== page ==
Nonprofit organizations are reaching more people through digital channels than ever before. While some experts were quick to declare that e-mail is dead during the social media boom, the data says otherwise.
Email lists grew by 11%, a growth rate outpaced by list growth in major social media platforms (Facebook, 13%; Twitter, 15%; Instagram, a whopping 44%). – mrbenchmarks
However, while email revenue increased by 24% in 2017 and accounted for 28% of all online giving, open rates and click-through rates for fundraising and advocacy emails shrunk.
The reality behind how nonprofits make progress is complicated. Fundraising emails are hard to get ‘right’. And what is ‘right’ varies greatly from one profit to another and from one audience segment to another.
Why send fundraising emails?
A. They are free/affordable.
Email marketing services are generally free for smaller nonprofits (or nonprofits with smaller email lists). Even when your email list grows in size, email marketing remains very cost-effective – especially compared to some of the other fundraising methods (e.g. fundraising events).
Email marketing is the king of the marketing kingdom with a 4400% ROI (Return on Investment) and $44 raised for every $1 spent. – www.campaignmonitor.com
B. They are easy to send and quick to deliver results.
The most popular email marketing services out there are quite simple and intuitive – most don’t require you to know a single line of code. Professionally designed templates, drag and drop features, and other easy-to-use editors have made sending emails easier than ever.
They are also quick to deliver. Your nonprofit can acquire customers, supporters, donors and volunteers faster than any other method.
C. They are versatile.
In addition to being a great fundraising tool, emails can also inform, mobilize volunteers, promote job posts, and overall increase your brand visibility.
How To Write a Powerful Fundraising Emails
There’s no email formula that guarantees success, but we’ve rounded up our best tips for writing emails that stand a chance:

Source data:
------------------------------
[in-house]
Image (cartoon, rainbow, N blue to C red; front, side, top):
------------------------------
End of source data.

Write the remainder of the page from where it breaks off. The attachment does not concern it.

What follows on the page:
1. Sort out your database.
By segmenting your donors and catering your email marketing towards the different segments, you can increase your donor retention rates and donations.
There are several ways in which you can segment your donor base, some of the most common being based on age, gift size, last donation date, and donation frequency.
Donor segmentation primarily focuses on providing relevant content to smaller pools of donors. It prevents your donors from experiencing the frustrating feeling that your content and communications are irrelevant to them personally.
Segmenting your donors allows you to customize your tone and information and encourages your donors to engage with your nonprofit in a way that’s suitable for where they’re at in their donor journey. A donor who has given to your organization repeatedly over the months and years should receive a different email than someone who has just signed up to your email list. Segmentation also helps build trust and enables your nonprofit to use data to strategically grow your donations.
2. Craft a powerful subject line.
35% of email recipients open email based on the subject line alone. (Convince&Convert)
A great fundraising email isn’t great if it doesn’t get opened. This is why it’s essential to craft a subject line that’s going to make your emails stand out in inboxes.
Here are few tips to improve your fundraising emails’ subject lines:
- Keep your subject lines short, ideally 4-15 characters.
- Create a sense of urgency using words like “urgent” and “important”.
- Keep them accurate. While you can definitely get very creative with your subject lines, they should always pertain to the content of the email. Misleading and deceptive subject lines are no-go and are even forbidden in some countries.
- Intrigue your readers or pose of a question – this can help increase your open rate.
- Try personalizing the subject line by using the contact’s first name.
- Include the name of the sender.
- Test different days and times of the day and don’t forget to do lots of A/B testing to see what performs best.
- Try avoiding the word “we”. “We” is a faceless entity and “I” is a person who wants to talk to “you” and “me”.
- Use rhyme, lists, alliterations, and more. These perform well. But also break the rules and get creative.
MailChimp found that the following words were bad for open-rates:
- Percent Off
3. Get your formatting right.
Our attention span is increasingly shorter. Very few people read long, elaborate emails – even if they’re great. Most people skim over the content. In addition to that, the time it takes an average user to make a judgment on your is 50 milliseconds – not even a full second!
Furthermore, with more and more users turning to mobile, the importance of well-formatted emails is higher than ever.